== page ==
Better Protect Your Control System

"Defense in depth" is crucial, and new and maturing technologies may help

By Jason Urso, Honeywell Process Solutions

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Education of personnel is a key element in establishing an effective security strategy. Realizing that things such as unauthenticated connections between endpoints and cleartext communication can compromise current systems leads us to understand that this vulnerability enables the potential for a man-in-the-middle (MITM) attack, a form of active eavesdropping. Coupled with a lack of accountability — inadequate authentication and authorization to strongly enforce access — it's easier to make unauthorized changes to the configuration of systems.

Properly addressing the aspects cited above provides a foundation for effective security. However, as technology advancements are introduced into the control systems environment, the need for vigilance will increase, as will the importance of applying best practices and techniques. Fortunately, new technology and process evolution should help us make a step change in control system security.

Four techniques should play a significant role in improving security over the next five years: 1) whitelisting; 2) encryption; 3) incident detection and response; and 4) remote security operations centers.

Whitelisting. Perhaps you're familiar with use of the "white list" approach in e-mail management — specifically, for eliminating spam and allowing messages you want to receive. We see it today as a way to prohibit unapproved software/applications from running on the protected system. "Good" software makes its way onto the white list, while unauthorized software is kept from executing. Many enthusiasts believe whitelisting is a good safeguard against "zero day" intrusions (i.e., ones where defenders have no prior awareness of a vulnerability) — preventing some, but not all.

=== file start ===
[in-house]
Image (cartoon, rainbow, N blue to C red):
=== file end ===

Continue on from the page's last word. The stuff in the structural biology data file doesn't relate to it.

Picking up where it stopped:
Whitelisting does put in place a capability to enable better change management, protecting against unauthorized alterations to the system configuration — an approach that might have provided some defense against Stuxnet. Some power companies now are implementing whitelisting as part of their critical infrastructure protection programs.

Forward-thinking whitelisting advocates are looking at advancements in the technology as a way to quarantine unauthorized software upon discovery, quarantine after blocking, enhance whitelist management, and produce a file system inventory that can accelerate verification of software on a hardware platform.

Whitelisting will be available for process control systems. Regardless of the depth of its initial usage, the technology will provide another layer of defense.

Encryption. A key issue today is that almost all communication on a control system is cleartext (a term sometimes used synonymously with plain text). This unencrypted text makes an MITM attack possible — allowing the intruder to "fake out" its victims, passing information as though it were a trusted endpoint, operating in a "trust the sender" scheme.

A solution is to encrypt communication. Encryption is the process of using an algorithm to transform text so "the message" is unreadable to anyone not possessing the encryption key. Encryption has a long history with the military and governments for secret communications. Today, we see it as a common method for protecting information in commercial systems and with wireless communication. One of the questions is where to encrypt the data — at rest or in transmission.

Encryption by itself can safeguard the confidentiality of messages, but protecting the integrity and authenticity of a message requires other techniques.

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